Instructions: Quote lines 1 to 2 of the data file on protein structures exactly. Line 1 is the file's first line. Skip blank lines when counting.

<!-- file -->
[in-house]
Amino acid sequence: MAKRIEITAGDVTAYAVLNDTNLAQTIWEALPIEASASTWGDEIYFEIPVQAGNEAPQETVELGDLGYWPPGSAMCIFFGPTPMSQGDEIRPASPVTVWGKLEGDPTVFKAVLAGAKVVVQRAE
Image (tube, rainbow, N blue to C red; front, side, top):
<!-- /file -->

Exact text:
[in-house]
Amino acid sequence: MAKRIEITAGDVTAYAVLNDTNLAQTIWEALPIEASASTWGDEIYFEIPVQAGNEAPQETVELGDLGYWPPGSAMCIFFGPTPMSQGDEIRPASPVTVWGKLEGDPTVFKAVLAGAKVVVQRAE